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Facebook and images

I just discovered a sort of uncomfortable issue about images from Facebook. A student came to my office today, unable to get an image to display on her Web page. Also distrubing is that - for no reason I could identify in the HTML or CSS code - my browswer told me it was blocking an ActiveX control. We tried everything, and it should have worked. Then I got suspicious and made a screenshot of the image. That one showed up just fine.

Turns out that if you save an image from Facebook, you might end up also saving ActiveX controls which prevent that image from appearing anywhere but on Facebook. I find that more than a little irritating. I mean, who owns that image: you or Facebook?



( 8 comments — Leave a comment )
Nov. 10th, 2009 09:12 pm (UTC)
WELL, that explains a couple of things!
Nov. 10th, 2009 09:18 pm (UTC)
My understanding, in fact, is that Facebook claims ownership of all images posted to its site. That's why I never post a photograph I care about to Facebook, and always link to pictures posted on flickr or LJ.

This based on statements of people I trust, not actual research on my part.
(Deleted comment)
Nov. 11th, 2009 01:27 am (UTC)
Actually, I mean that the images themselves download with some kind of wacky stuff attached to the image. I don't have advanced image-editing software, so I can't remove it; however, the fact that the image displays again after screenshotting it reveals their perhaps-malicious, perhaps-privacy-attempting behavior.

I doubt it's because of privacy, though, because I can view photos that are tagged with people I know even when I can't see the photo-owner's profile.
Nov. 11th, 2009 02:56 am (UTC)
That's quite bizarre. I've certainly saved Facebook images to my hard drive with no problem, and they open fine in my photo editing program, although I've never tried then displaying the file in a browser.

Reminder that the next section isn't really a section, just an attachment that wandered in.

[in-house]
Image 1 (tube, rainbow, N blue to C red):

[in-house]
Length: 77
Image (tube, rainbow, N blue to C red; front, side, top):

If it is indeed a misguided effort at copy protection, then sheeeeeeeesh. That kind of thing always bugs me. It doesn't stop anyone with an ounce of determination or technical skill (as the screenshot method proves!), but it inconveniences those of us who just want to save the images that our friends chose to share with us.
Nov. 11th, 2009 04:07 am (UTC)
Yeah, it's like disabling right-clicks. That always makes me open the page in an editor and mess with, just because.

You can save files locally and edit them; you just can't seem to then use them as pics in a new web page. Or at least that's what this student discovered.
Nov. 11th, 2009 03:01 am (UTC)
i've never heard of this.
that is terrible!
Nov. 11th, 2009 04:48 am (UTC)
Facebook owns the image if you read the fine print. It's one of the things I don't like about Facebook. It's a walled garden. Data goes in, but it won't come out.
Nov. 11th, 2009 09:18 pm (UTC)
Have not experienced this. Have saved and distributed images from Facebook. I mean, the Facebook images aren't even saved on Facebook. They're stored on image farms. One side effect of this is that there is zero image security on Facebook. Right click an image, copy link to image, distribute to anyone.

The ActiveX issue sounds like a separate issue pertaining to the computer itself. Some sort of malware?
( 8 comments — Leave a comment )

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